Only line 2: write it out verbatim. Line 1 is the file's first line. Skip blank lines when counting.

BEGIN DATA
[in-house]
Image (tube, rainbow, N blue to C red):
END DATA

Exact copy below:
Image (tube, rainbow, N blue to C red):